Since duplicates are allowed, the player should be able to match five of the lottery's digits. For example:
Player: 1, 3, 5, 7, 9, 11
Lottery: 1, 3, 5, 8, 9, 11

Does this sum up your problem?

- There are 49 balls numbered 0-9.
- Four balls contain 0, five balls contain 1, five balls contain 2, ..., five balls contain 9.
- Player selects six balls.
- Lottery selects six balls.
- Player's balls may not contain any adjacent digits (0 and 9 are adjacent).
- Lottery's balls contain exactly one pair of adjacent digits.
- What is the probability that five of player's balls match exactly five of lottery's balls?

1
Sun 28 Aug, 2011 05:34 am
@markr,
Right, they are 40. Good spirit of observation
The problem definition seems to be a bigger problem than the math

"
- What is the probability that five of player's balls match exactly five of lottery's balls?
"
Yes, but I've noticed I'm interested to obtain the separate probability of the distinct units first, then the distinct probability of the repeating units, then perhaps multiply them to form the final probability.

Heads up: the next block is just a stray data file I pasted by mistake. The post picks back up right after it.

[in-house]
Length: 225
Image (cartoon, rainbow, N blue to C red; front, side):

So that becomes:

- a) What is the probability that 4 distinctly numbered player's balls match 4 of the 5 distinctly numbered lottery's balls? E.g.:
lottery units: 1-2 4 6 8
player's units: 1 4 6 8

- b) What is the probability that after a), the player's other 2 repeated units will match the lottery's repeated unit:
- b^i) player's repeated units can be equal in value in which case, all player's 6 balls can match the lottery's 6 balls
E.g.:
lottery units: 1-2 4 6 8 8
player's units: 1 4 6 8 8 8
- b^ii) player's repeated units can't be equal in value in which case, only 5 of player's balls can match only 5 out of 6 of the lottery's balls